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More than 450 scientists from around the world recently released findings showing that up to one million species may become threatened with extinction.
Improving urban forests is one of the solutions to achieving several of the United Nations Sustainable Development Goals and making cities healthier and more livable for people.
Green spaces (zoos, city parks, and urban farms) and cultural institutions are capturing our gap audiences—racial minorities, youth and young adults, and people of lower socioeconomic status.
Despite the resonant theme of plant biodiversity inherent in the public garden sector, institutions grapple with a staggering lack of human biodiversity in their staffs, member base, donors, and audiences.
Public gardens across America are responding to an influx of refugees/immigrants from many parts of the world with edible garden displays showcasing the increased diversity of our visitors.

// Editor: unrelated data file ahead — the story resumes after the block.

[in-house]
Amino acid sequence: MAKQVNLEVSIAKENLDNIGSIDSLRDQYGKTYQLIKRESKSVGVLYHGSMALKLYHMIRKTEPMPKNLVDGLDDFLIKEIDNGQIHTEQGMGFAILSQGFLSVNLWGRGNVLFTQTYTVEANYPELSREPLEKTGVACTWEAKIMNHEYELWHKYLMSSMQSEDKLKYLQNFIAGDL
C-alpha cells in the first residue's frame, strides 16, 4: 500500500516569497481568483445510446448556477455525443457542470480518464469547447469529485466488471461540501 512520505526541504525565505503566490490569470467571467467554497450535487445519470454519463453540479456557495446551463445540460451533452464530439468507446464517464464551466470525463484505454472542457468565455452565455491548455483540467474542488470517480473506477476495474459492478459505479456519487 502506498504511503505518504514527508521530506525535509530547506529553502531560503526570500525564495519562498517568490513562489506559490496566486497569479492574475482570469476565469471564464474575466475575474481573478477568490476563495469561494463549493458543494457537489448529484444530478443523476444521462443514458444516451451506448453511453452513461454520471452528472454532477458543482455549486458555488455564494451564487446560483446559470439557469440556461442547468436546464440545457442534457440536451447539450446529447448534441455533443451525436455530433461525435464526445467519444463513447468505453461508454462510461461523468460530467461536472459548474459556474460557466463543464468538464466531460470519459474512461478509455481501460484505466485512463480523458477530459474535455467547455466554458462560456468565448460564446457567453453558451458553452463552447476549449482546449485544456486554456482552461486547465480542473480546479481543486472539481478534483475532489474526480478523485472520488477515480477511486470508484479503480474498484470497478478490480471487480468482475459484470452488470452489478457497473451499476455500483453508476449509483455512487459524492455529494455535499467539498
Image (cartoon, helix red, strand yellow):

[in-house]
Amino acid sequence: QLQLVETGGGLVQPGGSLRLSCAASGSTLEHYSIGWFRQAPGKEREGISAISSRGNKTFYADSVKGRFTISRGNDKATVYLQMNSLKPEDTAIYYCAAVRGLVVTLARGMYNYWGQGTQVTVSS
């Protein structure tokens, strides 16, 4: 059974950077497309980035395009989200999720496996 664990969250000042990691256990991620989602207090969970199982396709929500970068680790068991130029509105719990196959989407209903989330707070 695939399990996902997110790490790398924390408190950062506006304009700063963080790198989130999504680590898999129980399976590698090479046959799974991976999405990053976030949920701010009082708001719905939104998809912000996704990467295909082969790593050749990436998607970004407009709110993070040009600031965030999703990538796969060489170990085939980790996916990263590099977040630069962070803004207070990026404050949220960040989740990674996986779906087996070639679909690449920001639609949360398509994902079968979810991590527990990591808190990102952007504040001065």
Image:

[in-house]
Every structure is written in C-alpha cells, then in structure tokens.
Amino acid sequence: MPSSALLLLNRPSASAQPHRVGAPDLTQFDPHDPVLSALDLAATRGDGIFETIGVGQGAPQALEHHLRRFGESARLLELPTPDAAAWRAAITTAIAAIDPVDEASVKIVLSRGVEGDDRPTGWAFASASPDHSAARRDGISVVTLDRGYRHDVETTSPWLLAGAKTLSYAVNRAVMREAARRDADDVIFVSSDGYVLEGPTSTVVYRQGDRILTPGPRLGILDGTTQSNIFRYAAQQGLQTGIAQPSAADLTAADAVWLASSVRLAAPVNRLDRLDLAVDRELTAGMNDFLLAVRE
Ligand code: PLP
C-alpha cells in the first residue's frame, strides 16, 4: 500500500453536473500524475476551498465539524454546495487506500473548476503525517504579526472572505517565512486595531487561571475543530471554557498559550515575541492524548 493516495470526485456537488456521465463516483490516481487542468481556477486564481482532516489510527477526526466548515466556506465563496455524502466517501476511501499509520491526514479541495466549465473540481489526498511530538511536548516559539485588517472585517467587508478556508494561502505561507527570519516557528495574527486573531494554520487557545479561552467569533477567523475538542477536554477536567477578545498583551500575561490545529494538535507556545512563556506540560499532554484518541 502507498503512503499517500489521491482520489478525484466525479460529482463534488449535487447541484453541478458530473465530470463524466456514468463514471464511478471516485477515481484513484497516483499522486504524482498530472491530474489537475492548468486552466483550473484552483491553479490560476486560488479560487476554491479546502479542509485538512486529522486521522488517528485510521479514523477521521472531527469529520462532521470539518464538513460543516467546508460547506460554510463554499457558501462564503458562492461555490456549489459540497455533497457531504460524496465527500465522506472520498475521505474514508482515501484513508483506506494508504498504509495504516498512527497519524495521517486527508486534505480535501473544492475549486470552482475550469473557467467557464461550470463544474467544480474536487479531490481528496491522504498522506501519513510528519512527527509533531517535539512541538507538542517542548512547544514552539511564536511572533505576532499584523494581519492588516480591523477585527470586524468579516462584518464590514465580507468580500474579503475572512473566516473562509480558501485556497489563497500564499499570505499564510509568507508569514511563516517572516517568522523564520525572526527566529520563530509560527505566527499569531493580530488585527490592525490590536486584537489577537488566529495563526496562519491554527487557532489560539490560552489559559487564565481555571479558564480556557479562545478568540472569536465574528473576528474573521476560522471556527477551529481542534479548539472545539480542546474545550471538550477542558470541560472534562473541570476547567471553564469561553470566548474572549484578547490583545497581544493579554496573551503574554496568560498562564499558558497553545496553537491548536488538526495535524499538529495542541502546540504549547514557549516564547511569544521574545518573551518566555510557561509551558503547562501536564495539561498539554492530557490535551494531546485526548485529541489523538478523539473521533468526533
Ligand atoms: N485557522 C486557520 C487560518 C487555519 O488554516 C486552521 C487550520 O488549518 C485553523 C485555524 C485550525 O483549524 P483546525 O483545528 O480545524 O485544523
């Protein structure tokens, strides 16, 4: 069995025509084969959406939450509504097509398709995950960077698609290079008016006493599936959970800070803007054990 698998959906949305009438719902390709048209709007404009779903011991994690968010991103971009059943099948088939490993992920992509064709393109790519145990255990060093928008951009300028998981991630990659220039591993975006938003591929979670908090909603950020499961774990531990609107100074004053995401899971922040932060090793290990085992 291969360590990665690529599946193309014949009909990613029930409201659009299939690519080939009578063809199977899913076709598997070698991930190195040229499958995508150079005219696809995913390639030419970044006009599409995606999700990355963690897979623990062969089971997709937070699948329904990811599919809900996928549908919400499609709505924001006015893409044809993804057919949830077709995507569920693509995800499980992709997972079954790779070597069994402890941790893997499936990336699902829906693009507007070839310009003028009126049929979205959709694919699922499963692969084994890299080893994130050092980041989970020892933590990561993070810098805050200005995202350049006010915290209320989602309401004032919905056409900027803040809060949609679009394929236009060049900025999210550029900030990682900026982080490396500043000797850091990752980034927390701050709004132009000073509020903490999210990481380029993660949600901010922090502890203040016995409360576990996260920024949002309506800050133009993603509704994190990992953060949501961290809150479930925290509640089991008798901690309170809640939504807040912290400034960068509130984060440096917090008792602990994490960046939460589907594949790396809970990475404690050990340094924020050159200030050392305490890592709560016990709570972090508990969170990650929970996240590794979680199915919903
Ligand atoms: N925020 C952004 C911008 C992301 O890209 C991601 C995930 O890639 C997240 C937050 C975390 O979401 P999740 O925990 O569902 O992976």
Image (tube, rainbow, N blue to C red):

The staff and visitors of many public gardens are less diverse than the communities they serve. Events, policies, and Carl Linnaeus’s categorization of humans have created long-standing barriers.
Meaningful conversations leading to change happen in the gray areas of conversation. We must go beyond thinking in terms of black and white and speaking only with people who agree with us.
In this article, we examine how the general public in the United States has viewed global warming over the past decade, identifying important trends in public understanding of global warming,
The role of urban forests continues to expand as society recognizes the potential contribution of green infrastructure to global sustainability, human health, and quality of life.
Public gardens contain fundamental ingredients necessary to be sites of healing and growth.